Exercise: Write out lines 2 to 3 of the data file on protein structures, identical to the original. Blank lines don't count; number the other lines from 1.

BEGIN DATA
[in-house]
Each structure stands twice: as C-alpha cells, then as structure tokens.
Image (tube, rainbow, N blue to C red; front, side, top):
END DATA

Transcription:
Each structure stands twice: as C-alpha cells, then as structure tokens.
Image (tube, rainbow, N blue to C red; front, side, top):